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The waiting times for the assessment of autism and ADHD are a maximum of 2 years. What can families do in the meantime? – WhatsNew2Day


There are reports from across Australia of waiting lists of up to two years to get a diagnostic assessment for neurodevelopmental disorders, such as autism and attention deficit hyperactivity disorder (ADHD).

Delays in assessment can cause additional stress for families who are already concerned that their child will develop differently.

These waiting times are a symptom of the great pressure on our health systems. The system reform will take time and in the meantime there are many children who need urgent help.

But supporting your child doesn’t have to be put on hold while you wait for the assessment.

Read more: New national autism guideline will finally give families a roadmap for therapy decisions

Why are waiting lists so long?

Diagnostic assessments are an important part of the clinical way for children who develop differently.

Diagnoses can give parents and caregivers a better understanding of their child. A diagnosis allows the child, their family and supporting health professionals to take advantage of all the information we have about that diagnosis to understand how best to support the child in the future.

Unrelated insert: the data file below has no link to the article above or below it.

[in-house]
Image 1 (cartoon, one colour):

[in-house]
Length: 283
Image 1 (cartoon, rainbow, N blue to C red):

One of the reasons why our diagnostic systems are under so much pressure today is that diagnostic boundaries are being pushed. The criteria for autism and ADHD have changed over time, meaning that more children than before meet the criteria for these conditions.

Another reason is that our health, disability and education systems often require a formal diagnosis before a child receives support. This further increases the demand for diagnostic research.

Long waiting lists often prevent children and families from accessing crucial early therapy services in a timely manner. Delays can mean that many of the best opportunities to support early childhood development are missed, and that can be even worse anchor developmental disability and disadvantage.

More importantly, though, there are many helpful things families can do in the meantime to pave the way for the future.

Read more: From deficits to a spectrum, thinking around autism has changed. Now a call is being made for a ‘profound autism’ diagnosis

3 things families can do

While a diagnosis can help a child access support services, they can still access services without a diagnosis.

If a parent is concerned about their child’s development, it is important that they continue to seek support while the child is on a diagnostic waiting list.

A general practitioner is usually the best person to consult in the first instance. They can then refer the child and family to public or private therapy services. However, private service options can involve out-of-pocket expenses, which can lead to inequality in access to services.

Parents can also take steps to:

1. Bond with their child